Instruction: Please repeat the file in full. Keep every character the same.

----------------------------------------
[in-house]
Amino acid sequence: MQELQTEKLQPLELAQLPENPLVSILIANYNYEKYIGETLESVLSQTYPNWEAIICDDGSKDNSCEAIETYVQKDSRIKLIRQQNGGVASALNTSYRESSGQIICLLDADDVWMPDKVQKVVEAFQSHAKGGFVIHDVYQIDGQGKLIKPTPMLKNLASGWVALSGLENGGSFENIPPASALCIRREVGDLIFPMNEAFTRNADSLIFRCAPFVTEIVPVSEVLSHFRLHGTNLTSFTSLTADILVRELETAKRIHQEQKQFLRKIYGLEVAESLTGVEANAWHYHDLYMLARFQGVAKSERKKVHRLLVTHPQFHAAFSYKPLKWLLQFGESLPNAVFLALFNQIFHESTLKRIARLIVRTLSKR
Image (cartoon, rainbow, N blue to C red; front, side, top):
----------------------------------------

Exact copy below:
[in-house]
Amino acid sequence: MQELQTEKLQPLELAQLPENPLVSILIANYNYEKYIGETLESVLSQTYPNWEAIICDDGSKDNSCEAIETYVQKDSRIKLIRQQNGGVASALNTSYRESSGQIICLLDADDVWMPDKVQKVVEAFQSHAKGGFVIHDVYQIDGQGKLIKPTPMLKNLASGWVALSGLENGGSFENIPPASALCIRREVGDLIFPMNEAFTRNADSLIFRCAPFVTEIVPVSEVLSHFRLHGTNLTSFTSLTADILVRELETAKRIHQEQKQFLRKIYGLEVAESLTGVEANAWHYHDLYMLARFQGVAKSERKKVHRLLVTHPQFHAAFSYKPLKWLLQFGESLPNAVFLALFNQIFHESTLKRIARLIVRTLSKR
Image (cartoon, rainbow, N blue to C red; front, side, top):